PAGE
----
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Embrace the Useless Fireplace!

Take a peak at my guest post today, the talented DIY girl Brandy!
Hi DIYers! I was honored when Heather asked if I would guest post on her little corner of the internet! When I'm not getting my hands dirty, I'm busy dreaming of my next project. DIY is my idea of a good time and I love a good before & after! I've spent the last seven years upgrading my 1930 bungalow when time and money allows. Some projects required me to save all my pennies for a long time. But this project? She came in at $300. Grab a cup of coffee. This is a long post!
Happy DIY'ing, friends!
The cost of turning this into an actual fireplace or demolishing the thing was too high since we would have to replace a section of the foundation, an exterior wall, and the roof. So we decided to embrace this useless fireplace.
How do you turn that ugly faux-brick eyesore into the thing I can’t stop staring at?
First, convince your husband, that this is a good idea even though you can’t find anything online that resembles the rough Photoshop picture you’ve presented.
Cost: $300 Difficulty: Medium
Build a wood frame using 2x4’s, mdf, and anchor the frame to your concrete hearth.
Build a mold for the concrete bench using 2x4’s, mdf, corner round, and duct tape, if needed. (There are lots of great mold-building tutorials online for concrete benches. We tried to use what we had on hand.)
Ask your friend, Eric, to help because he knows concrete better than anyone you know. Mix the concrete, pour it into the mold, while causing a vibration to get out all the bubbles. I used a small sander on the 2x4’s while Charlie tapped a hammer around the frame to cause the vibration.
Smooth the concrete very well. Make sure it is safe from the rain, and then let it cure for a week.
Once your concrete bench has cured, you can remove the mold and smooth any rough edges. We chiseled a few irregular corners and sanded all the edges.
Bribe Eric to come over again. Take pictures while strong men carry a heavy concrete bench and place it on the wood frame. Use Carnuba wax to protect the concrete.
*Did you notice the photoshop image is hanging on the old mantel? That picture saved my sanity as we worked on this project in our spare time over several weeks. Instead of explaining to every single person who entered our home, (“I know it looks weird now but it will look great! It’s already better than it used to be!”) our “inspiration” was posted for all to see.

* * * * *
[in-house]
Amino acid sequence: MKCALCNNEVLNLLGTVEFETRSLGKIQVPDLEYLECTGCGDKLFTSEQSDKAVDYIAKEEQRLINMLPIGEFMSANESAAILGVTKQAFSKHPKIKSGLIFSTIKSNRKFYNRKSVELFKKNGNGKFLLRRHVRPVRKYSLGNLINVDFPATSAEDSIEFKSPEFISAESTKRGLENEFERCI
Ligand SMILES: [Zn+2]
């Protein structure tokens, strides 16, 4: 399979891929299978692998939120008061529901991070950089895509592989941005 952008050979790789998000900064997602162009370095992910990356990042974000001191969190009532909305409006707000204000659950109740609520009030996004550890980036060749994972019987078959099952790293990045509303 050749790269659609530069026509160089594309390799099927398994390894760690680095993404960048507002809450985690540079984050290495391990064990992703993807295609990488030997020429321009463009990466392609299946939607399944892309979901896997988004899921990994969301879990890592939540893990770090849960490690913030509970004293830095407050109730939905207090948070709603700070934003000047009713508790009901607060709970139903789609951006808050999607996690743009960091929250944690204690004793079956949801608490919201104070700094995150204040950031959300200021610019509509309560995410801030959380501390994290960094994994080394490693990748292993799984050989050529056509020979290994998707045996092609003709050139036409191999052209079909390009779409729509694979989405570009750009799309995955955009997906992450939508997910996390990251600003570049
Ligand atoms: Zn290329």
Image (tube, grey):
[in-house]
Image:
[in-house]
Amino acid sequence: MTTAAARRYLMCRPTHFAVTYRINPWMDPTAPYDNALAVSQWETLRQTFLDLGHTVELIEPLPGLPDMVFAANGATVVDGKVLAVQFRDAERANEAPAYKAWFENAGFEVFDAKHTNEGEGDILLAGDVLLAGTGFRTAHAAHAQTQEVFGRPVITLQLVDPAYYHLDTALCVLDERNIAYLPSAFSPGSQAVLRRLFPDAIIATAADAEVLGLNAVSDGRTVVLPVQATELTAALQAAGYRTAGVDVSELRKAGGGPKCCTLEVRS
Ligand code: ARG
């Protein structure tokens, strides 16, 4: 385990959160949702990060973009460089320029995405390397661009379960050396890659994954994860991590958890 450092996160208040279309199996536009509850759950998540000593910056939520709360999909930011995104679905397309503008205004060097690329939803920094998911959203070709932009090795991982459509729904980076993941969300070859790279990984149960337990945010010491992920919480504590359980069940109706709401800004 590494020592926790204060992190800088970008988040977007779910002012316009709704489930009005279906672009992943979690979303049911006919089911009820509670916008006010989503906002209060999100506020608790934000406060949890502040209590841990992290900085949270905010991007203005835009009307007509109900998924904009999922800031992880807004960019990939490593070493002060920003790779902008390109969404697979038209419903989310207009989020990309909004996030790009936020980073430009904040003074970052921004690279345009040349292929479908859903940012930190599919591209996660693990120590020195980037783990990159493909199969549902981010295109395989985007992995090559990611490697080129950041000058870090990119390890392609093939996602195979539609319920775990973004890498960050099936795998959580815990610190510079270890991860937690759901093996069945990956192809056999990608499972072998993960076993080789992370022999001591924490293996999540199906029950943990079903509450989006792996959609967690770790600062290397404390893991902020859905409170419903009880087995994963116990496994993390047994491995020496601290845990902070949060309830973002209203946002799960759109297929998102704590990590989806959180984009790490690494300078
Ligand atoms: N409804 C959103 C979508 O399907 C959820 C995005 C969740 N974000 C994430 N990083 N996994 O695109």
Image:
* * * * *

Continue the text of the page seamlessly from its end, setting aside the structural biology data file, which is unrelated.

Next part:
Now you get to have some fun with Airstone! If you are unfamiliar with this product, check out the display at your favorite Lowe's. There are lots of great Airstone ideas online, too! This product is very easy to use and the instructions are simple. A few tips, though:
•If you need to use more than one box, open all the boxes and mix the colors well.
•Allow the Airstone to acclimate at least 24 hours.
•Be sure to lay the stone in a horizontal line. You may be tempted to do all the corners first. Don’t.
The instructions say to only use a hacksaw to cut pieces to size. We found a $3 Miter Masonry blade that worked perfectly. Just be sure to account for the width of the blade when you cut. This is a fun and fairly easy job. But it is very dusty.
I’m thrilled with the end result! In the future, I might dress up the concrete bench with plants or candles. But for now, we like to use it as extra seating for our family game nights. Next project: sew some cute pillows for the bench.
Please note that there are over 25 pictures and all have details so not all information is included on this post. Please see the blog for full directions!

To see more: http://thewilsonfarm.blogspot.com/2014/09/guest-post-embrace-useless-fireplace.html

Ask the creator about this project

  • Marcy
    on Sep 7, 2014

    That's a great project- and it looks so nice now!

  • CK
    CK Mandan, ND
    on Sep 16, 2014

    Wow this is a wonderful transformation! I'm always impressed when people figure out how to make an eyesore become the star of the room. The rest of your room looks great too.

  • Melissa Parish
    Melissa Parish Kerrville, TX
    on Nov 16, 2014

    Looks VERY nice!

  • Darla
    Darla Montgomery Village, MD
    on Nov 16, 2014

    Was this the back of a fireplace on the other side of the wall, or an old one that got bricked up? I am wondering why anyone would just build a square of brick like that without even space for electric logs. Your solution looks good.

    • Heather (The Wilson Farm)
      Heather (The Wilson Farm) Monroe, NC
      on Nov 20, 2014

      @Darla It was actually used as one of those freestanding fireplaces that go into the middle of the room at one point. :) Thanks!

  • Teri Candeloro
    Teri Candeloro Tavares, FL
    on Mar 7, 2015

    Totally great transformation! It must feel like a whole new house! I love how you lightened everything up to update your look....it worked out wonderfully. 😉 Personally though, I just might be tempted to try and use the wall area above the mantle to display my TV, and open up that corner area? Just a thought. Either way, it's a great look! Thanks for the intro to Airstone. 😊

Inspired? Will you try this project? Let the author know!